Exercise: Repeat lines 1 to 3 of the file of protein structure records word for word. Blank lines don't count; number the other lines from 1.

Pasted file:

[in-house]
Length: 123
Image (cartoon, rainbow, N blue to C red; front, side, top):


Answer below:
[in-house]
Length: 123
Image (cartoon, rainbow, N blue to C red; front, side, top):